The Little Red Elf (Paperback)

By Barbara Barbieri McGrath, Rosalinde Bonnet (Illustrator)

Charlesbridge, 9781580892377, 32pp.

Publication Date: July 1, 2010

List Price: 7.95*
* Individual store prices may vary.

Description

This clever retelling of "The Little Red Hen" features a busy little red elf and her lazy friends: the hare, the penguin, and the reindeer.

The elf cleans up and organizes Santa's workshop all by herself, but when she asks for help planting a pinecone, nobody wants to pitch in! So she plants it herself, and waters it herself, and brings the Christmas tree indoors herself, and decorates it all by herself. She even puts out the milk and cookies for Santa herself. When the morning comes and it's time to open presents, the elf knows just how to reward her friends. 

A classic tale of hard work and just desserts, perfect for the holiday season.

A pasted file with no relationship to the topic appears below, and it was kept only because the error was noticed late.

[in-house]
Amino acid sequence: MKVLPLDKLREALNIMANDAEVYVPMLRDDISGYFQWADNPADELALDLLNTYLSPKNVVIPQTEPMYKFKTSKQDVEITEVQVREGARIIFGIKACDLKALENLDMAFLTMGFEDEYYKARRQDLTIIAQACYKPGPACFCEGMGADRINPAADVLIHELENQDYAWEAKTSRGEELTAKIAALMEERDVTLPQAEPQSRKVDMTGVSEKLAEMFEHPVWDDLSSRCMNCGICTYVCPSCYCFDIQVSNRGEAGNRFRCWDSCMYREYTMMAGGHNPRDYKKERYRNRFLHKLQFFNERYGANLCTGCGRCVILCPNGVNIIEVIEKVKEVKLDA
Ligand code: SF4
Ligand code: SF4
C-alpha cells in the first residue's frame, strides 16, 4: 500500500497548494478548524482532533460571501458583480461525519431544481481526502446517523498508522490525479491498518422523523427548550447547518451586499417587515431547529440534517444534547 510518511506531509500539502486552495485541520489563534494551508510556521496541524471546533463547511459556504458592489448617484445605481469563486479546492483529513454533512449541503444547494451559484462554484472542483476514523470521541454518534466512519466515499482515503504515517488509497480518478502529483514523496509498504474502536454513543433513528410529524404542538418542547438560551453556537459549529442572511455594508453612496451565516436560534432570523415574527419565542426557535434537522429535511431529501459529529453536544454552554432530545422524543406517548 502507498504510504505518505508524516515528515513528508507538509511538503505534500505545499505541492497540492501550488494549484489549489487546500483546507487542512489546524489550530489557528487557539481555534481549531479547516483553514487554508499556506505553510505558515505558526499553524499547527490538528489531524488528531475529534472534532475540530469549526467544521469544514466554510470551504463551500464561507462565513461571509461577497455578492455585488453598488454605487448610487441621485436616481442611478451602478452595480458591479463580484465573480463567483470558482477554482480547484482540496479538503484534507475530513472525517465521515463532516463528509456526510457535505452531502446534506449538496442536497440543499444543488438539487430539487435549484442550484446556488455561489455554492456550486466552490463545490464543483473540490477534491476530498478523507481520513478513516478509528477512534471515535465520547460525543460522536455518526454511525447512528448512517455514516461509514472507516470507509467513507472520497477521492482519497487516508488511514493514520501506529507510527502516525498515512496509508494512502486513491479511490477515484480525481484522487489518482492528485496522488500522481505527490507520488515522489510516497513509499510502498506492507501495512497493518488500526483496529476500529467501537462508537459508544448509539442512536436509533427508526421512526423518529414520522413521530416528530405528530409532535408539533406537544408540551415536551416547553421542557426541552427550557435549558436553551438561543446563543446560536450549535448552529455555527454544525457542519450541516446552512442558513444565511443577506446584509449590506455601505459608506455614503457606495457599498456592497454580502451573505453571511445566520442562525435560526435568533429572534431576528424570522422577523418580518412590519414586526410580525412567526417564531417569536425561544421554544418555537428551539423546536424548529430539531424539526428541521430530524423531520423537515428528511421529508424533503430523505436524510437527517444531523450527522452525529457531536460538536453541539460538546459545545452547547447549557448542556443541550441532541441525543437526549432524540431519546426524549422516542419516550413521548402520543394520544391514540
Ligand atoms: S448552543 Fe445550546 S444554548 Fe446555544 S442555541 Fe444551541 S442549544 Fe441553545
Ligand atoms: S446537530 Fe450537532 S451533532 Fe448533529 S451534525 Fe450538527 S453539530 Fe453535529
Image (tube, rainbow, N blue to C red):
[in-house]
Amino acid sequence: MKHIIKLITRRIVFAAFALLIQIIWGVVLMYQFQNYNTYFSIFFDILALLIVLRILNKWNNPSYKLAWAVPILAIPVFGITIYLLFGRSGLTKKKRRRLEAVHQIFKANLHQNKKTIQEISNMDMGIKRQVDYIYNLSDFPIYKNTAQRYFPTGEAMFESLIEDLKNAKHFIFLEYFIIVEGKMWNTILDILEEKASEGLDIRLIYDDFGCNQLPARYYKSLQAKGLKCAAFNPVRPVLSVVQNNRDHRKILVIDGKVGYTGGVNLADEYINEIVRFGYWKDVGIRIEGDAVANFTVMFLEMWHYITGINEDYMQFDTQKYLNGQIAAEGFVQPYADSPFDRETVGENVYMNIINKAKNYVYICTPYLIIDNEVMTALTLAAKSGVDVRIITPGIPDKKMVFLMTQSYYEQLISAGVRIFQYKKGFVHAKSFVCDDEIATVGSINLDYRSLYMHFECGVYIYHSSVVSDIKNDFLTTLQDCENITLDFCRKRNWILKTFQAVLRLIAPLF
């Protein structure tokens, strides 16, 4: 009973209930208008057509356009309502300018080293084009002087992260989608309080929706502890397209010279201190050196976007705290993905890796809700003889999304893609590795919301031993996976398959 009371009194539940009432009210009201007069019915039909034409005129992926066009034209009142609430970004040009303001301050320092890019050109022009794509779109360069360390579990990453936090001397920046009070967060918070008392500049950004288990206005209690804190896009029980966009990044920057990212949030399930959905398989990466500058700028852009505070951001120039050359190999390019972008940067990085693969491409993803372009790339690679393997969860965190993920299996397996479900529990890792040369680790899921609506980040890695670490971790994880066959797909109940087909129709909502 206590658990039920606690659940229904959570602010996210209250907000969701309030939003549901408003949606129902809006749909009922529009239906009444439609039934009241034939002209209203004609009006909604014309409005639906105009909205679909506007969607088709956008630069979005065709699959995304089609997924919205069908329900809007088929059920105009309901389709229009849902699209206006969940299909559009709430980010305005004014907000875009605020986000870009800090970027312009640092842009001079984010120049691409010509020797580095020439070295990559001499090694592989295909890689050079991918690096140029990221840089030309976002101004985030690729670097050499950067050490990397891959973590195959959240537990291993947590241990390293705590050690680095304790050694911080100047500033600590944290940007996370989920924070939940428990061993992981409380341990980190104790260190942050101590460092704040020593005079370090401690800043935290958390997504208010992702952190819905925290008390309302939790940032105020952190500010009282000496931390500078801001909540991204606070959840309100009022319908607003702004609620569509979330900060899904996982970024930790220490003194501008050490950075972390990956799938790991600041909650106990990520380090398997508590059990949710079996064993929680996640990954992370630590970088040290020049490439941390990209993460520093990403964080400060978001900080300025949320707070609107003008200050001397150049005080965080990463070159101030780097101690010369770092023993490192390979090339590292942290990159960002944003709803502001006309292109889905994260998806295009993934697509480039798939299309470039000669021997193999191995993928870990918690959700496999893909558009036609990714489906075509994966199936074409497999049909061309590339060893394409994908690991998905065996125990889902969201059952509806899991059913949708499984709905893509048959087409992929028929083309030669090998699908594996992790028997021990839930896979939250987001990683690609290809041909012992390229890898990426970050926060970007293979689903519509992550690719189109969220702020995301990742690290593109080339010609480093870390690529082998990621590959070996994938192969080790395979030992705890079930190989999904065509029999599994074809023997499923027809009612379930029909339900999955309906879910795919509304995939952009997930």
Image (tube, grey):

About the Author

Barbara Barbieri McGrath has written over twenty books for children, including The Little Gray BunnyThe Little Green Witch, and many bestselling math concept books. Her love for writing, children and making learning fun was the inspiration for her first children's book, The M&M Brand Counting Book, which sold over 1 million copies. She lives in Natick, Massachusetts.


Praise For The Little Red Elf

The little red elf is used to doing everything herself while her friends the reindeer, the penguin, and the hare laze around the workshop. It comes as no surprise that her cheerful requests for help preparing for Christmas are quickly dismissed. "'Who will help me put out milk and cookies?' 'Not I,' said the reindeer. 'Why bother saying yes now?' said the penguin. 'I'm allergic,' said the hare." On Christmas morning, however, everyone is more than eager to assist in opening presents. Bonnet's more-than-helpful illustrations give an extra-festive boost to McGrath's already spirited version of a familiar tale. Even at their cheekiest, the reindeer, penguin, and hare look friendly and cuddly. The little red elf's "most positive of attitudes" shines through in the text and art, but the pictures also hint that, like her predecessor, she's no chump. Speaking of whom, the little red hen herself makes a cameo appearance in the poetically just ending.

The Horn Book